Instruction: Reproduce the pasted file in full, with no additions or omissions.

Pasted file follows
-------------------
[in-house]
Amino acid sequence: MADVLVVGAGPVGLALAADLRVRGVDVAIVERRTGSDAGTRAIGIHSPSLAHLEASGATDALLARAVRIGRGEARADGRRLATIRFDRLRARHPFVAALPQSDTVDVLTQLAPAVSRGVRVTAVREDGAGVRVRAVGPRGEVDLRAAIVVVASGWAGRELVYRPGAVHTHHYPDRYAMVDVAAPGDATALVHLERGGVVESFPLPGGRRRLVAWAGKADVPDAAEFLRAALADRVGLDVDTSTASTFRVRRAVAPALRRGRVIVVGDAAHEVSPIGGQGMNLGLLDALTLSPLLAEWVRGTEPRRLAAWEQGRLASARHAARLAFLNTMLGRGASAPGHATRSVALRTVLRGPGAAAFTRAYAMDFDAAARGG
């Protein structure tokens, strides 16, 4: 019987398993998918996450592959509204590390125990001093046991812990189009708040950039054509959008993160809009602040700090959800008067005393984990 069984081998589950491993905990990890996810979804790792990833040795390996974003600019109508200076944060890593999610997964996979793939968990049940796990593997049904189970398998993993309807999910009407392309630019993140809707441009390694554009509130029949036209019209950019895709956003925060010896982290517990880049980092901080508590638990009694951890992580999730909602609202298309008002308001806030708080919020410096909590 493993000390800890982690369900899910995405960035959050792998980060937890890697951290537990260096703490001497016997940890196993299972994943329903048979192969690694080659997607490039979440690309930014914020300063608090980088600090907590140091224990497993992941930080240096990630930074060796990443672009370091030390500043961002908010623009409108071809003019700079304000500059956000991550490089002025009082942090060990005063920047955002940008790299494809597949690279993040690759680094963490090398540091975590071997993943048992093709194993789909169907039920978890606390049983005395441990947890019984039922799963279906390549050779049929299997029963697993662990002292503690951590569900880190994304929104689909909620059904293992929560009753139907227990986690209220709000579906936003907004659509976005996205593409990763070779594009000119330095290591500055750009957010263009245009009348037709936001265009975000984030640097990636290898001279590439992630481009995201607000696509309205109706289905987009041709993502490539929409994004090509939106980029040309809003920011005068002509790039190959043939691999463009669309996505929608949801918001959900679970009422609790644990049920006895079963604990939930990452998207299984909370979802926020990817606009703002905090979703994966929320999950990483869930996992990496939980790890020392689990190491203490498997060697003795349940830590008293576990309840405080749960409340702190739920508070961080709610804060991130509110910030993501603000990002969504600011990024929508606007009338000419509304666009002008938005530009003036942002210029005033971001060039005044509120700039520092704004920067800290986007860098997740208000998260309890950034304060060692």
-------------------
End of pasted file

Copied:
[in-house]
Amino acid sequence: MADVLVVGAGPVGLALAADLRVRGVDVAIVERRTGSDAGTRAIGIHSPSLAHLEASGATDALLARAVRIGRGEARADGRRLATIRFDRLRARHPFVAALPQSDTVDVLTQLAPAVSRGVRVTAVREDGAGVRVRAVGPRGEVDLRAAIVVVASGWAGRELVYRPGAVHTHHYPDRYAMVDVAAPGDATALVHLERGGVVESFPLPGGRRRLVAWAGKADVPDAAEFLRAALADRVGLDVDTSTASTFRVRRAVAPALRRGRVIVVGDAAHEVSPIGGQGMNLGLLDALTLSPLLAEWVRGTEPRRLAAWEQGRLASARHAARLAFLNTMLGRGASAPGHATRSVALRTVLRGPGAAAFTRAYAMDFDAAARGG
């Protein structure tokens, strides 16, 4: 019987398993998918996450592959509204590390125990001093046991812990189009708040950039054509959008993160809009602040700090959800008067005393984990 069984081998589950491993905990990890996810979804790792990833040795390996974003600019109508200076944060890593999610997964996979793939968990049940796990593997049904189970398998993993309807999910009407392309630019993140809707441009390694554009509130029949036209019209950019895709956003925060010896982290517990880049980092901080508590638990009694951890992580999730909602609202298309008002308001806030708080919020410096909590 493993000390800890982690369900899910995405960035959050792998980060937890890697951290537990260096703490001497016997940890196993299972994943329903048979192969690694080659997607490039979440690309930014914020300063608090980088600090907590140091224990497993992941930080240096990630930074060796990443672009370091030390500043961002908010623009409108071809003019700079304000500059956000991550490089002025009082942090060990005063920047955002940008790299494809597949690279993040690759680094963490090398540091975590071997993943048992093709194993789909169907039920978890606390049983005395441990947890019984039922799963279906390549050779049929299997029963697993662990002292503690951590569900880190994304929104689909909620059904293992929560009753139907227990986690209220709000579906936003907004659509976005996205593409990763070779594009000119330095290591500055750009957010263009245009009348037709936001265009975000984030640097990636290898001279590439992630481009995201607000696509309205109706289905987009041709993502490539929409994004090509939106980029040309809003920011005068002509790039190959043939691999463009669309996505929608949801918001959900679970009422609790644990049920006895079963604990939930990452998207299984909370979802926020990817606009703002905090979703994966929320999950990483869930996992990496939980790890020392689990190491203490498997060697003795349940830590008293576990309840405080749960409340702190739920508070961080709610804060991130509110910030993501603000990002969504600011990024929508606007009338000419509304666009002008938005530009003036942002210029005033971001060039005044509120700039520092704004920067800290986007860098997740208000998260309890950034304060060692």